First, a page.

Wavelet tools are relatively new to applied economics and the study of financial data.Footnote 2 Some of the first economic applications include studying macroeconomic variables (Aguiar-Conraria, Azevedo, and Soares, Reference Aguiar-Conraria, Azevedo and Soares2008), measuring the business cycle (Yogo, Reference Yogo2008), and understanding comovements in stock market returns (Rua and Nunes, Reference Rua and Nunes2009) and energy prices (Vacha and Barunik, Reference Vacha and Barunik2012; Vacha et al., Reference Vacha, Janda, Kristoufek and Zilberman2013). Wavelet analysis has also been used to study price discovery in oil markets (Chang and Lee, Reference Chang and Lee2015); bullion, energy, metals, and agriculture in Indian markets (Joseph, Sisodia, and Tiwari, Reference Joseph, Sisodia and Tiwari2015); and the relationships between ethanol and feedstock markets in Brazil and the United States (Kristoufek, Janda, and Zilberman, Reference Kristoufek, Janda and Zilberman2016).

In this article, we assess the integration between the United States and major international markets for three commodities (corn, soybeans, and cotton) to identify structural changes in these relationships over time and to search for evidence of changes in the direction of the transmission of shocks. Our wavelet results indicate that the relationships between the U.S. and international agricultural prices are in many cases not stable and characterized by structural breaks. Short-run price fluctuations are not highly correlated, while medium- and long-term price relationships shift regularly. Even among those pairs of prices that exhibit stronger relative long-run relationships, we find evidence of structural breaks, pointing to the fluid nature of the way shocks are transmitted in international agricultural markets.

2. Data

We obtain daily closing U.S. and international futures prices for corn, soybeans, and cotton from futures markets in each country for that particular commodity. Commodity futures markets, where they exist, are generally strong and effective facilitators of the price discovery process (Adjemian et al., Reference Adjemian, Garcia, Irwin and Smith2013, Arnade and Hoffman, Reference Arnade and Hoffman2015; Carter and Mohapatra, Reference Carter and Mohapatra2008; Figuerola-Ferretti and Gonzalo, Reference Figuerola-Ferretti and Gonzalo2010; Schwarz and Szakmary, Reference Schwarz and Szakmary1994). Futures markets have a comparative advantage in incorporating new fundamental information (Yan and Zivot, Reference Yan and Zivot2010). This follows from the fact that well-functioning futures markets have higher liquidity, are more transparent, and have lower transaction costs than most spot markets so that they can react more quickly to new information (Adämmer, Bohl, and Gross, Reference Adämmer, Bohl and Gross2016; Xu, Reference Xu2018).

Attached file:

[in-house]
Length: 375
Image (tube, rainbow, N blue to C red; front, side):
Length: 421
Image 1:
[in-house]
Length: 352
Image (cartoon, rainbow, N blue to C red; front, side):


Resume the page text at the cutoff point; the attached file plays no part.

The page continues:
We draw U.S. data from the Chicago Mercantile Exchange (CME) for corn and soybeans and Intercontinental Exchange (ICE) for cotton; the Dalian Commodity Exchange for Chinese corn and soybeans (“No. 1” contract) and the Zhengzhou Commodity Exchange for Chinese cotton; the Tokyo Commodity Exchange for Japanese corn and soybeans; the National Commodity and Derivatives Exchange for Indian soybeans and the Multi Commodity Exchange for Indian cotton; and the South African Commodity Exchange for that country’s soybean prices. Because trading volumes in Brazil’s Bolsa Balcão S.A. markets are very low, we use daily cash price indices as reported by the Center for Advanced Studies on Applied Economics. Before analyzing market integration characteristics, we convert all prices into U.S. dollars using the daily exchange rate archived by the St. Louis Federal Reserve (FRED, 2018). Like Hernandez, Ibarra, and Trupkin (Reference Hernandez, Ibarra and Trupkin2013), standardizing these prices in U.S. dollars helps us to control for the effects of the exchange rate. Figure 1 plots nominal prices for U.S. and international commodity markets in dollars per metric ton.

Sources: For the United States: the Chicago Mercantile Exchange for corn and soybeans (both No. 2 Yellow), and the Intercontinental Exchange (ICE) for cotton (No. 2); Brazil: the Center for Advanced Studies on Applied Economics for corn (Yellow), soybeans (Yellow), and cotton (Type 41-4); China: the Dalian Commodity Exchange for corn (Yellow) and soybeans (No. 1), and the Zhengzhou Commodity Exchange for cotton (Cotton No. 1); Japan: the Tokyo Commodity Exchange for corn (No. 3 Yellow) and soybeans (#2 or better Yellow); India: the National Commodity and Derivatives Exchange for soybeans and the Multi Commodity Exchange for cotton; South Africa: the South African Commodity Exchange for soybeans (SB grade).

Figure 1. U.S. and international corn, soybean, and cotton prices in dollars per metric ton.